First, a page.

NSW Police Slammed For Allegedly Stopping Vivid Punters From Dancing In The Street
"This rare moment of human connection was destroyed by people scouring for ways to assert their petty authority."
— Update: Destination NSW have since responded to the incident. Scroll down for the full statement. —
When faced with claims that the lockout laws are killing Sydney’s culture, one-time Premier Mike Baird pointed to Vivid, an annual celebration of art and music, as proof that the city was not dead.
But despite official word that Vivid is reinvigorating a city rocked by widespread nighttime business closure and a significant downturn in patrons, an incident that took place over the weekend flew in the face of the picture of Sydney government officials like to give.
At 10:30 pm on Saturday June 1, Christie Aucamp-Schutte, the brains behind Free Dance Party, took to the streets with a sign, a boombox, and her dancing shoes. This is not new for Aucamp-Schutte — the aim of Free Dance Party is to start impromptu dance-fests, with the young Sydneysider dancing until somebody joins in with her. “Sometimes one person will dance and sometimes 50 will,” she told Music Junkee.
But after about half an hour of dancing, Aucamp-Schutte noticed the presence of police and rangers — who she says were there to shut down the dance party.
“I was only aware they were shutting me down when they came right up to me. I could see a police car near but other than that no indication.”
Aucamp-Schutte claims she had deliberately picked her dance spot so that it wasn’t blocking entrances or exits. According to Aucamp-Schutte, the ranger refused to let her finish the song, and instructed her to “move along.”
Now, in retrospect, Aucamp-Schutte wishes she had said more. “I feel a bit weak and wish I fought back a bit more and made them tell the crowd exactly why they were shutting it down. I’m petrified of getting a fine so I didn’t put up a fight.
“I felt particularly angry about the Vivid incident. It was a festival! The city was alive for once. How often do you see strangers connecting with each other like this? This rare moment of human connection was destroyed by people scouring for ways to assert their petty authority.”
Footage of the incident has gone viral on Facebook, with commenters siding with Aucamp-Schutte and against the police and rangers. “Thank god for the fun police,” writes one punter, with another pointing to San Francisco as a city where such events go down all the time, without the direct intervention of the police.
“My gosh!” wrote another Facebook user. “All-aged people happily, non- violently engaging with one another! Lucky they shut it down quick smart, it may have turned in to a group hug and friendships made!”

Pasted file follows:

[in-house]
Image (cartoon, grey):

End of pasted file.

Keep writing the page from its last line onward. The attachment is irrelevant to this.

NSW Police have been contacted for comment. See footage of the incident below.
Rangers & Police stopped us from dancing on the street last night at Vivid SydneyThis was completely safe.This was a festivalThis was organic human interaction. Sydney is sanitised and soulless.***ATTENTION Comment from Councillor Jess Scully (part of Clover Moore's team)"Please know this was not shut down by our City of Sydney rangers: this area is controlled by Property aka Place Management NSW, and run by Destination NSW (Vivid Sydney) staff"
Posted by Free Dance Party on Saturday, 1 June 2019
Update: City of Sydney Councillor Jess Scully has since commented on the incident.
Scully: “A closed street, a huge public celebration, what better place and time to dance? I’m so disappointed to see these dancers moved on…Please know this was not shut down by our City of Sydney rangers: this area is controlled by Property aka Place Management NSW, and run by Destination NSW (Vivid Sydney) staff.”
Destination NSW Statement from Property NSW spokesperson:
“To ensure visitors to all the precincts can enjoy Vivid Sydney in a safe and secure environment, the event organiser and precinct landowners have agreed crowd management measures in place to mitigate any activity impacting on pedestrian thoroughfares, especially on the busier weekend evenings.
“As the activity on Friday night was unfortunately obstructing the pedestrian flow, the land owner, along with police and security, respectfully asked the performers to move on and no fines were issued.
“We want people to enjoy Vivid Sydney in a safe, secure environment and we appreciate people understanding and respecting the measures we have put in place to ensure a great time is continued to be had by all.”